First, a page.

(Bloomberg) — The UK’s bill to override parts of the Brexit deal “has the potential to secure a permanent pragmatic solution” to issues surrounding the Northern Irish Protocol, a key political party said, stopping short of saying it would take part in the region’s power-sharing government.
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“We will want to examine the bill against our seven tests to determine that, if enacted, it will restore Northern Ireland’s place within the UK internal market and remedy the democratic deficit of the Protocol,” DUP leader Jeffrey Donaldson said in a statement late Monday, stressing the party’s view that the part of the Brexit treaty dealing with Northern Ireland eroded unionist support for the Good Friday Agreement.
Even so, while the bill makes a “significant imprint” on addressing unionist concerns, “it is only a proposal and it’s not legislation until it’s passed,” Agriculture Minister and former DUP leader Edwin Poots warned in an interview with Bloomberg Television Tuesday. “We will look at how things transpire in the second stage of the reading” before making further decisions, he said.
The DUP have refused to take part in the formation of Northern Ireland’s devolved government following May’s elections, stipulating that the Protocol must effectively be scrapped in order for them to participate. Under the terms of the Good Friday Agreement — the treaty that largely ended decades of sectarian violence in the region — the DUP, as the biggest unionist party and second largest party in the assembly overall, effectively has a veto that is making it impossible for a government to function.
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“Northern Ireland needs legislation to fix the very obvious real-world problems caused by the Protocol” in the absence of agreement with the EU, whose proposals “would have led to more costly checks on passengers, pets and goods between Northern Ireland and the rest of the United Kingdom, not fewer,” Donaldson said.
Even so, the legislation will likely take a year to 18 months to be enacted, if it is, according to Katy Hayward, professor of political sociology at Queen’s University Belfast. “There is literally no benefit to Northern Ireland from the tabling of this bill because the DUP won’t immediately go back in to form the new executive,” she said.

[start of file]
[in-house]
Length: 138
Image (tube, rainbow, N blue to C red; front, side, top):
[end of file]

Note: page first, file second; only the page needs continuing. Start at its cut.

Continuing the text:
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The plan by UK Prime Minister Boris Johnson has angered other political parties in Northern Ireland. A majority of the region’s elected representatives co-signed a letter calling his approach “reckless” and one that “flies in the face of the expressed wishes of not just most businesses, but most people in Northern Ireland.”
“This is completely unwarranted and unhelpful action by the UK government,” Sorcha Eastwood of the Alliance Party, who was elected to the assembly last month, said in a telephone interview. “It’s a high-stakes gamble as no one can really state what the DUP’s goal’s are,” she said, noting that Parliament could stop the legislation.
“For the UK government to somehow package this as something that is being done in the best interest of Northern Ireland, or to somehow accelerate the DUP into forming an executive is completely misguided, disingenuous, and is not representative of the people of Northern Ireland,” Eastwood said.
Without an executive in place, key decisions such as budgets cannot be passed, something which is frustrating parties across the political spectrum amid rising inflation and a cost-of-living crisis.
“It’s a straight-up, slam-dunk, breach of an international agreement that undermines the Good Friday Agreement and their actions will have huge economic consequences,” Sinn Fein’s Michelle O’Neill, who is nominated to take up the post of First Minister if an executive can formed, told broadcaster RTE on Tuesday.
Donaldson said while he wants to see the political institutions in Northern Ireland restored, “until we get clarity and certainty on a solution, that simply isn’t possible.”